Wilderness announces rebuild of Desert Rhino Camp

Natural stone found on site has inspired the colors and texture and reinforces the camp’s connection to the area. Large stretch-fabric roof structures with deep overhangs and silhouettes provide shade and protection without compromising the horizon-wide views. With details of timber and leather, the tent interiors, though modern, have been noticeably inspired by the explorer genre. 

Wilderness Desert Rhino Camp, situated in Namibia’s expansive Palmwag Concession in Damaraland, will be temporarily closed from 7 December 2023 until July 2024 to undergo a complete rebuild. The new camp aims to elevate guests’ in-camp safari experience in this unique Namib Desert landscape, while simultaneously celebrating its unique conservation success story, and the ongoing protection of one of the world’s last free-roaming populations of Critically Endangered black rhino.

“Everything we do at Desert Rhino Camp (DRC) revolves around our pioneering partnership with Save the Rhino Trust (SRT) Namibia and community conservancies. Our conservation purpose is 100% why we’re here. And why we invite guests to witness, learn, and participate in our efforts to defend the desert-adapted black rhino”, noted Alex Henderson, Wilderness Namibia MD.

Built in 2003, DRC has been an enduring favorite among Wilderness guests – famed for the passion and energy of its staff as well as its meaningful guest experience, the historic conservation impact it’s had, and as a monitoring outpost for SRT. The camp serves as a base for one of SRT’s tracking teams, with the operational costs covered by Wilderness. SRT is responsible for leading all the rangers’ activities, while ensuring all data are collected, processed, and secured. In addition to contributing towards the largest, longest-running black rhino database in the world, the partnership has also enabled SRT to successfully increase its range by 20%.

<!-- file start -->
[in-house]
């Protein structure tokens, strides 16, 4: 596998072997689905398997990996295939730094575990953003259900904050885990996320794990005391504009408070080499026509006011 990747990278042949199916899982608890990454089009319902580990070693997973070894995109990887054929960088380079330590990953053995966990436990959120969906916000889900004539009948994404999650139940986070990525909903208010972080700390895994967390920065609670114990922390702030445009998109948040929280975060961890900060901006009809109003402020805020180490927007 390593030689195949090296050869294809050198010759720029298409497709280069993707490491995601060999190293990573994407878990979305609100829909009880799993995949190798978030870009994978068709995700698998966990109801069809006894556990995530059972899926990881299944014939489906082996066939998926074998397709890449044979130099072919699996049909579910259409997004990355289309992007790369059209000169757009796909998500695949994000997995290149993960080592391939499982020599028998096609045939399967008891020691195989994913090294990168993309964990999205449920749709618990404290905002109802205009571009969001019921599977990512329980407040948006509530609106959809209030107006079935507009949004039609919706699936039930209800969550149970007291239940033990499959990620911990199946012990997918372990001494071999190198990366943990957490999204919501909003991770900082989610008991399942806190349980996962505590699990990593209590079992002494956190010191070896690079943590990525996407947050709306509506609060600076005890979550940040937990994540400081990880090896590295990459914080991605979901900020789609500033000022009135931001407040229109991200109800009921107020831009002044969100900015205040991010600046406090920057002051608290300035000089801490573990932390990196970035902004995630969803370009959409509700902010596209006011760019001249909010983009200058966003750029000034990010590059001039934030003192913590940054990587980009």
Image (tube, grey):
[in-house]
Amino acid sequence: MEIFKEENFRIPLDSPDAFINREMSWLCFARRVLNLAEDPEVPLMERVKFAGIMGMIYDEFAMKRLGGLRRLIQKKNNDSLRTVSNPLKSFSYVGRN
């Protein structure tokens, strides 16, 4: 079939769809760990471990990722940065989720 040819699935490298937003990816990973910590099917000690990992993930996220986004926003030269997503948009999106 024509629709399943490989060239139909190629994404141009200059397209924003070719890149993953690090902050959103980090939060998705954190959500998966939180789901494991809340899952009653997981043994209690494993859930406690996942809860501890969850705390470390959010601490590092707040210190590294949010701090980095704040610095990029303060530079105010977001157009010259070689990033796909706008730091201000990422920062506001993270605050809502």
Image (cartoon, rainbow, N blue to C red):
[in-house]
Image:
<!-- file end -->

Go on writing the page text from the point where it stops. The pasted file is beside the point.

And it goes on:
By visiting DRC, each guest makes a significant contribution to the protection of this imperiled species. As part of the lease agreement, the company provides financial remuneration and employment opportunities to the conservancies, positively uplifting the local communities. Approximately 11% of the total DRC revenue is shared between the conservancies, SRT and rhino fundraising support. This contribution exceeds the total sustainable profit made by the camp in the last five years.

“Now, 20 years in, we are excited to rebuild the camp, and to offer a spectacular new design that will blend as seamlessly as possible into DRC’s magnificent desert landscape and environment; telling the unique story of the rhino, while in every way enhancing our guests’ comfort and experience”, Alex added.

“Everything we do at DRC revolves around the black rhino. It’s why we’re here: to defend, preserve, and expand these iconic Namib wilds for the resilient desert-adapted wildlife that survives in this arid environment. This camp, where it started, what it stands for, and our pioneering conservation coalition with SRT and the three conservancies, will continue to captivate and inspire all who are privileged to visit. We look forward to welcoming our guests to the stunningly reimagined new DRC in 2024”, Alex concluded.

Theodore is the Co-Founder and Managing Editor of TravelDailyNews Media Network; his responsibilities include business development and planning for TravelDailyNews long-term opportunities.

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